The execution was filmed in a narrow dirt alley lined by storehouses or shops. Visually, there are no clear landmarks in this area, but the presence of a liquid storage tank in the middle of the alleyway is distinctive. Coupled with other features, this enabled a geolocation: 15.664406, 32.477236, which is within 100 meters of the Omdurman headquarters of the Central Reserve Police.
The area was formerly used by auto repair workshops and wholesalers, but these businesses are now abandoned.
Fighting has been ongoing in this area for months, including in the Omdurman Industrial Zone and Omdurman Popular Market to the west, and in residential neighborhoods to the south and east. We have been able to map the frontline in Omdurman by geolocating combat videos, and through other sources.
The map is only approximate, and some areas are left uncolored to indicate that they are contested or unconfirmed. Nonetheless, we can assess with confidence that the Central Reserve headquarters and its immediate surroundings are controlled by SAF—and have been since July 5, 2023. The execution therefore took place on territory controlled by SAF, by men in uniforms of security services associated with SAF.
Nearby killing of SAF prisoners of war
This video of this execution emerged October 3, about a week after a public outcry over a different video of an RSF-affiliated militia fighter killing two army prisoners (⚠️ very graphic video) in the Omdurman Popular market—just 1.1 km away from this execution site.
The dating of that video is uncertain, but a smoke plume seen in the background corresponds with fire data from the NASA FIRMS satellite system for September 19, 2023. The proximity of the two videos, both in terms of date and location, suggests that this killing might have been done in retaliation for the RSF one.
The blame game
In pro-SAF social media groups, this new execution video initially was shared proudly as supporters gloated over the murders. Eventually, however, the video reached a broader audience and the RSF started to use it for its own propaganda purposes.
Some pro-SAF channels that had initially posted the video later deleted it. Pro-SAF influencers orchestrated messaging campaigns to try to dissociate the military from the execution and to discredit the video. They circulated several alternative explanations for what had happened. For instance, they claimed the RSF had carried out the killings in disguise, with the intention of discrediting the Armed Forces.
Brigadier General Nabil Abdullah, the SAF spokesperson, embraced this line of argument in a statement on the night of October 5, saying, “Media houses paid by the rebel RSF militia promoted a fabricated video of prisoners being liquidated in cold blood. This video has nothing to do with the Armed Forces in terms of either the place of filming or the style of the speakers, which clearly indicate that they (the perpetrators) are members of the notorious militia.”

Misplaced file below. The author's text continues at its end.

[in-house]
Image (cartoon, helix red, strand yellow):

He claimed the victims were SAF soldiers killed by RSF, not the other way round.
“The Sudan Armed Forces is known for its spotless record in respecting international humanitarian law, the customs and laws of war, and its strict adherence to the rules of engagement,” he said.
Emergency Lawyers, a Sudanese nonprofit with experience documenting abuses against detainees, responded to this statement, saying, “The official spokesperson of the Armed Forces issued a disappointing statement on October 5 denying any connection between the Armed Forces and the individuals who carried out the crime, evading responsibility at a time when we were awaiting for the criminals to be seized until they were brought to justice later. They are known to Military Intelligence…”
“We at Emergency Lawyers call on the two warring parties to strictly adhere to international humanitarian law and we warn them that these documented crimes will not be subject to a statute of limitations.”
Sudan War Monitor is independent and unaffiliated—we report both sides
Sudan’s military dictatorship has long sought to repress reporting on human rights violations. We report independently on war crimes of both sides in the current conflict. Though many of our recent reports have dealt with atrocities of the Rapid Support Forces, we have not shied away from reporting about crimes by members of the Sudan Armed Forces, including previous cases of confirmed or suspected executions of detainees, as well as indiscriminate bombings.
Unlike the extremist propagandists on either side of this war, we tell the full story—not just one side—and we don’t fabricate and mislead.